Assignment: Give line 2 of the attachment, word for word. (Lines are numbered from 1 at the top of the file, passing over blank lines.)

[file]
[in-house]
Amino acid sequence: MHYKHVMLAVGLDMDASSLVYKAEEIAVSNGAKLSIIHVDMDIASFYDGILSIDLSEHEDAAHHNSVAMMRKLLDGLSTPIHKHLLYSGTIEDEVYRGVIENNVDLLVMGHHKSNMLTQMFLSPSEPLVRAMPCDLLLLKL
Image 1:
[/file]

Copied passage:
Amino acid sequence: MHYKHVMLAVGLDMDASSLVYKAEEIAVSNGAKLSIIHVDMDIASFYDGILSIDLSEHEDAAHHNSVAMMRKLLDGLSTPIHKHLLYSGTIEDEVYRGVIENNVDLLVMGHHKSNMLTQMFLSPSEPLVRAMPCDLLLLKL